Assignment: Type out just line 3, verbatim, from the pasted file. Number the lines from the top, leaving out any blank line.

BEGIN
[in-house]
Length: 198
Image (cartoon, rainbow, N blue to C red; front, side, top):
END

Image (cartoon, rainbow, N blue to C red; front, side, top):